What do you think?

        Like

        • Well, I like punctuation, probably for the same reasons that you were previously more of a stickler about it– I feel like if the sound, sense, and form of the poem are all in harmony the proper punctuation will naturally fall in places where it is not obstructive, and to me it makes a piece of writing look neatly tied up and finished. I’m sure there are exceptions especially in poetry that is more experimental. But I guess it’s a matter of preference. 🙂

          Like

          • I still have access, I guess, to that way of feeling about it. And if I were writing say, a metaphysical poem, I think I would still be using the punctuation criteria I previously developed for poetry. It feels nice, though, to let this one be less neat and more, mmm, perceptually focused I guess.

            Like

    • Here’s another possibility:


      A Lilly withers, slim and white

      Shrink, stem-enclosing green Pool
      Sing, Wind, that she was straight and tall
      Roll in around her, Night
      Aghast and whispering and cool
      In her heart creep sectioned animals and small

      O pool
      On your breast whose strength is slight
      Awhile bear still the the spearhead she let fall

      OR


      Wither, Lilly, slim and white
      Shrink, stem-enclosing green Pool
      Roll in around her, Night
      Aghast and whispering and cool
      Creep in her heart, sectioned animals and small
      Sing, Wind, that she was straight and tall

      O pool
      On your breast whose strength is slight
      Awhile you still can bear the spearhead she let fall

      Like

      • I just wrote an explanation of why I prefer revision #1 above–and suddenly it disappeared from my screen as I tried to post it! I’ll see if I can remember what I thought. If not, stick with that version anyway. It’s far and away the best one.

        Like

        • Back again. Changed my mind: after reading once more, and another once more, I prefer the first stanza of the first version I saw: “Wither, Lilly,. . . “But I suggest replacing the second stanza (too much of a contrast with the delicately balanced first) with final stanza of revision #1. That last line “Awhile bear still. .. – – with its solemn tolling of five single-syllable stressed words, one double syllable word (each stressed, the way I read “spearhead”), and the mournful “Awhile” at the beginning, which emphasizes a frustrated desire to hold on to beauty that’s gone–all this packed into a concluding line that preserves the form set up in earlier lines makes for strong and memorable effect.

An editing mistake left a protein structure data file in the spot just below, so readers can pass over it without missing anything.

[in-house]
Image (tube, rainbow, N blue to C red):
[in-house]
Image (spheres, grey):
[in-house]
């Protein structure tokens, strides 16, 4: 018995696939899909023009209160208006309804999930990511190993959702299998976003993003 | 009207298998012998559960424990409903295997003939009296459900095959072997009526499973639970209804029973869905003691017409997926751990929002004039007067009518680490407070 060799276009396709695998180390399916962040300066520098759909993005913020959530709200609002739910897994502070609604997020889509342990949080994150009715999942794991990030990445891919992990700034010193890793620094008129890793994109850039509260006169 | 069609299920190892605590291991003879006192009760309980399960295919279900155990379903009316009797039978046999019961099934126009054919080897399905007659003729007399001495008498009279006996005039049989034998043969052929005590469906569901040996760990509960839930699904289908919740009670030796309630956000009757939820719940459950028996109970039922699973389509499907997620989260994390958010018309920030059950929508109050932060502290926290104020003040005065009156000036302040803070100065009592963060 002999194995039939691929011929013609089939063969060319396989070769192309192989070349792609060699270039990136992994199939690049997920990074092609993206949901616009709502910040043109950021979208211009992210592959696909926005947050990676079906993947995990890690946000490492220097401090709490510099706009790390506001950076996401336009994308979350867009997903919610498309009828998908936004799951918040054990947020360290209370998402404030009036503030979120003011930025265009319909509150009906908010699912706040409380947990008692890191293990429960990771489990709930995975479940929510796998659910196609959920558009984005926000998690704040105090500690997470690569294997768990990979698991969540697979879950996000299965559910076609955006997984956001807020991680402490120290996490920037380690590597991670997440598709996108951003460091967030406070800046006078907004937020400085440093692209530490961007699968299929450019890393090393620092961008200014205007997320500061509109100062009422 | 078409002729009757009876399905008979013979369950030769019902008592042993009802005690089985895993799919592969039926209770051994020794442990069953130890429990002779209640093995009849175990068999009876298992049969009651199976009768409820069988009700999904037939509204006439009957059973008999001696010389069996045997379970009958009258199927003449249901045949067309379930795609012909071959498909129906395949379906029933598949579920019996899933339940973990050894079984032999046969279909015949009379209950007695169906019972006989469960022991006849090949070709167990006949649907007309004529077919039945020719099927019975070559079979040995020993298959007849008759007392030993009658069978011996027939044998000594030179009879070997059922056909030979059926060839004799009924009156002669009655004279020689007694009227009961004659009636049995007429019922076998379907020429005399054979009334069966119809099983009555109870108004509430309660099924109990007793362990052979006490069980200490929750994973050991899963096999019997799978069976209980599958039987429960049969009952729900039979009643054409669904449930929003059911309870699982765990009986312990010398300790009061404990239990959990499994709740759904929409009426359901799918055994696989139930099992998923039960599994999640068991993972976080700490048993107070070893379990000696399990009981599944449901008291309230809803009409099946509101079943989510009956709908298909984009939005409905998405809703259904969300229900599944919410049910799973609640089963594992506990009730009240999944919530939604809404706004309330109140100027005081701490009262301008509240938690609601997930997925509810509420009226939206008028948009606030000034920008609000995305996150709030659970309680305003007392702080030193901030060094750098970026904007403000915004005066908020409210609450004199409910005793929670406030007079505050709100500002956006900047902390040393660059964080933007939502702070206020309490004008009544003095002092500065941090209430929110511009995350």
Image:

I have other thoughts but they will come in bits and pieces (as my days have gone lately: two Christmases are one too many)

          Like

          • I think you are right about ‘Awhile bear still…’

            But I do like ‘valiant.’

            So:

            Wither, Lilly, valiant and white
            Shrink, stem-enclosing green Pool
            Roll in around her, Night
            Aghast and whispering and cool
            Creep in her heart, armored animals and small
            Creep in her heart who was so straight and tall.

            O Pool
            On your breast whose strength is slight
            Awhile bear still the spearhead she let fall


            I wonder if you think that makes the last two lines of the first stanza too long and upsets the balance you spoke of.

            Liked by 1 person

            • Not at all. In fact it ties the stanza together without being intrusive or distracting. I remember reading a long time ago something that Thomas Carlyle wrote about repetition :  all deep emotions come out naturally in song. He used the example of anger (“I told you not to do that.  I told you what would happen. I told you.  Didn’t I tell you? ” – – my example, trying to clarify his, which I have forgotten) ).